Umatilla County says developer is trying to “game the system” with its proposed 500-megawatt wind farm.
Umatilla County is asking the Oregon Department of Energy to reject a 500-megawatt wind farm partially located south of Echo until the project developer makes it clear how turbines will connect onto the local power grid.
A preliminary application for the proposed Wheatridge Wind Energy Facility was submitted Dec. 19, 2014, to the Energy Facility Siting Council, but does not specify where transmission lines would be located to move the juice.
That has local farmers concerned about potential impacts to their operations should the lines cross over their fields, said county Planning Director Tamra Mabbott. While the county is not opposed to wind energy, she questioned at what point the developer – Ione-based Wheatridge Wind Energy LLC – plans to involve those underlying land owners in the planning process.
“I think the developer is trying to game the system,” Mabbott said.
A notice of intent for the Wheatridge wind farm was initially filed with the state in February 2013. The project calls for up to 292 turbines on 50,000 acres of private land in both Umatilla and Morrow counties.
The majority of the project area, named Wheatridge West, would be located north of Heppner and south of the Boardman Bombing Range in Morrow County. Wheatridge East, meanwhile, would stretch north into Umatilla County along the east side of Highway 207. A narrow 35-mile corridor would connect the two main areas.
What’s unclear is how, and where, the wind farm would connect on the Bonneville Power Administration transmission system. According to the project’s site certificate application, Wheatridge intends to use 230-kilovolt transmission lines that would either be owned by the Umatilla Electric Cooperative, or by UEC in partnership with the Columbia Basin Electric Cooperative.
The specific location of lines, however, is not yet known, and two electric substations mentioned as likely possibilities – one near Stanfield, and another at the Port of Morrow – have not yet been built.
Mabbott said the county would never approve such a large wind farm without a transmission line, and doesn’t believe the state should either. It is ultimately up to the Energy Facility Siting Council to grant a site certificate for Wheatridge.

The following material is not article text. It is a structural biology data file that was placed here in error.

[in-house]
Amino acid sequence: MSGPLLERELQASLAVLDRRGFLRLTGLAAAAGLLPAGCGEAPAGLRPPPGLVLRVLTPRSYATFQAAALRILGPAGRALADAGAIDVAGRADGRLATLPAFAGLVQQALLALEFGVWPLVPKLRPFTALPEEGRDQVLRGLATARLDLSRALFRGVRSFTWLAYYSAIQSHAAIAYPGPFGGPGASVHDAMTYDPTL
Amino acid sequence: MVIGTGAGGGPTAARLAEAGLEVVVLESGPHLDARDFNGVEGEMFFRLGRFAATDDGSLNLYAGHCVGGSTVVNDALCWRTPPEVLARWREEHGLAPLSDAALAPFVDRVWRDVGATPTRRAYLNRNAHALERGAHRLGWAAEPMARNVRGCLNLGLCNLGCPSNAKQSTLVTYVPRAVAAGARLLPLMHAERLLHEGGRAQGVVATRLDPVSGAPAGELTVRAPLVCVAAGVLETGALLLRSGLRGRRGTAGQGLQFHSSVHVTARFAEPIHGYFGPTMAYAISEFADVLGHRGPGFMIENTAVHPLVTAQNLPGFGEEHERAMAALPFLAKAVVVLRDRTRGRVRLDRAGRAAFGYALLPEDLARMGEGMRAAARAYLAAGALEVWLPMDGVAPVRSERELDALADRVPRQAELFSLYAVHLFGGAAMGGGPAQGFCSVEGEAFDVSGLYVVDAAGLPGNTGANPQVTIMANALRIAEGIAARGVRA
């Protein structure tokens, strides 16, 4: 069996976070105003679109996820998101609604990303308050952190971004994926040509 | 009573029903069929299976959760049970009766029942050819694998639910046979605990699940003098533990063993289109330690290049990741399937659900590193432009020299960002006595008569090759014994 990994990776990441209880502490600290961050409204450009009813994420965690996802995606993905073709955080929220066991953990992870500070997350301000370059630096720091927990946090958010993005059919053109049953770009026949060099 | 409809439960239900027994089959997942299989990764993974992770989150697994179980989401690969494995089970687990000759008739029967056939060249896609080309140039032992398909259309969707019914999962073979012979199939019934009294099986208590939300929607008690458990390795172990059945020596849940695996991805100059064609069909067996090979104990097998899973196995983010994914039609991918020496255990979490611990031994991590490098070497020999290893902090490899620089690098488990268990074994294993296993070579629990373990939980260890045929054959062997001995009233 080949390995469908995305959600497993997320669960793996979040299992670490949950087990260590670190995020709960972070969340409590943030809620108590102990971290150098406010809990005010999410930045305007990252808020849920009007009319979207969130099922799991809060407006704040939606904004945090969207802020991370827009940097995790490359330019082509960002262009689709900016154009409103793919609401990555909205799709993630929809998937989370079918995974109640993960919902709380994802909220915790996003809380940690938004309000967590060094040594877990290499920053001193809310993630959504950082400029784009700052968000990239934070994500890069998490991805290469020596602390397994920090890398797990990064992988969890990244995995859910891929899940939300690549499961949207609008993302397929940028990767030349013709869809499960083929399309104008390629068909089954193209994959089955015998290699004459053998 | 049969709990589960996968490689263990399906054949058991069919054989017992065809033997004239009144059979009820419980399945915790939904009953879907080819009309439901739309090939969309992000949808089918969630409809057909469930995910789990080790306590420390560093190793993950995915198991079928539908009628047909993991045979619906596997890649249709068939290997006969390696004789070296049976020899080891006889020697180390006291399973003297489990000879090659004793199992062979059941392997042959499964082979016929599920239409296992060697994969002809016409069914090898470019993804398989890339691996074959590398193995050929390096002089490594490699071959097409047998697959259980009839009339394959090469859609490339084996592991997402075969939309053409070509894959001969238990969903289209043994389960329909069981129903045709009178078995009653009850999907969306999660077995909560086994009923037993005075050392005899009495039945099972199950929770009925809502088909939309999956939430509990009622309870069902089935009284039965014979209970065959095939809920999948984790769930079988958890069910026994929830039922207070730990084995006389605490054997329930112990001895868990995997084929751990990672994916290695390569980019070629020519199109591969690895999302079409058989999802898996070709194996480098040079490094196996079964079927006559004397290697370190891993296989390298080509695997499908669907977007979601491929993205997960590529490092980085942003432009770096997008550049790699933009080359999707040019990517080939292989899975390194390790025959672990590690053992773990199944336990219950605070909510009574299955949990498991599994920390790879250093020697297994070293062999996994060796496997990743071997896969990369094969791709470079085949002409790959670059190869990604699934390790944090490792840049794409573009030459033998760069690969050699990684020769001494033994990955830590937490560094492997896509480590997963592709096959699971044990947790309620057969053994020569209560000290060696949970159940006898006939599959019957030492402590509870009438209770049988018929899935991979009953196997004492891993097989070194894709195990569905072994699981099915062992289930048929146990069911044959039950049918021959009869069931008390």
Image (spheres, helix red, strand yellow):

“The landowners we’ve talked to have not been notified by the EFSC or the developer,” Mabbott said. “We think the transmission line should be part of this project, so that everybody involved can have a voice.”
A phone number provided for Andrew O’Connell, president of Wheatridge Wind Energy, has been disconnected. Robert Friedel, listed as permitting project manager with Tetra Tech of Portland, did not return messages seeking comment.
Bob Levy, of Windy River Farms in Stanfield, said the proposal has left communities uncertain exactly how they might be impacted. Depending on the route of transmission lines, they could interrupt irrigation practices or take some agricultural land out of production.
At the same time, Levy said there could be zero impact. But until Wheatridge provides notice how they plan to get power to the grid, Levy argued the application should be considered incomplete.
For the state’s purposes, an energy facility can be defined as either a wind farm with a minimum capacity of 35 megawatts or a high-voltage transmission system that runs at least 10 miles with a capacity of 230 kilovolts.
Siting analyst Andrea Goodwin, with the Department of Energy, said she could not say whether Wheatridge will apply for its wind farm and transmission system separately. All the council does is review applications as they are presented, she said, and ensure they comply with Oregon statues: among them rules on noise, wetlands and pollution controls.
The DOE is accepting comments for Wheatridge from review agencies, including local governments, until Feb. 9. Mabbott is in the process of drafting Umatilla County’s comments, and said she hopes the state will defer to the county’s belief the project must have a transmission plan already in place.
“We also hope the transmission line follows existing corridors and minimizes impacts to existing farmhouses and farmland as much as possible,” Mabbott said.
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